I'm really interested in the intersection of internet and government suggested in The Social Affordances of the Internet for Networked Invidualism – without doubt, our notions of nationality are being greatly transformed in the wake of the glocalized ties that have begun to unite people from disperate and otherwise unrelated social networks. It's particularly interesting to see ways in which Democratic governments have fully embraced networks as a means of incorporating the citizenry in the political process, as in the Scottish parliament's acceptance of e-petitions (3). Even more intriguing than such positive fostering of network use by governments is the flip side of that coin, the use of such networks to mobilize resistance within a citizenry – as in the case of the sms-incited demonstrations in the Philippines (18).
This kind of electronically mediated protest on the part of a citizenry reminds me of the immense backlash in the facebook network following the introduction of the “feeds” feature. A quick overview for those not active on the network at the time : Before the introduction of feeds, profiles were relatively static representations of ones online identity – recent alterations to interests would perhaps be highlighted, but no other information regarding the user's habit was on display. Feeds changed all that though by providing a realtime rss-style “feed” announcing a user's activity (including not only additions to his or her own profile, but as well exchanges which took place elsewhere on the site with other users).
These feeds were turned on by default, and within a few hours a huge number of facebook users began to raise a fuss. Complaints were aired and within a few days, groups like “Students Against Facebook Feeds (which is still alive here) saw their memberships soar into the six figure range. An interesting account of the feature's introduction, written concurrent with all the fuss that followed, can be found here, as well as news covereage here.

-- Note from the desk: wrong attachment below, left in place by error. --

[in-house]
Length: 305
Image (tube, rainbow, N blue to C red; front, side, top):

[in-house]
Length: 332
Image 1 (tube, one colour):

What interests me about all the outcry over feeds is that most arguments relied on a sense of citizenry within the facebook network – users felt entitled to certain rights to privacy, much like those expected in the real world, and petitioned the facebook ownership to address these grievances. Many groups even pledged that their members would revoke their citizenship in the facebook world and delete their accounts of demands weren't met by a certain date. Of course, facebook isn't a democratic nation, it's commercially owned network – and the company chose to leave feeds in place (adding privacy filtering functions to calm big-brother fears). But the intensity of the mobilization, and its implicit assumption of a sense of entitlement, still makes clear the degree to which our allegiances have become splintered among disparate networks and identifications in ways not addressed within the article.
Yes, the internet affords the citizenry of a geographic nation another field in which to participate ; but it simultaneously creates new networks of allegiance, new citizenries vying for the attention of the individual. I can't help but wonder if, as in snowcrash, such allegiance to a corporately controlled network could eventually supplant that to traditional geographically determined national government.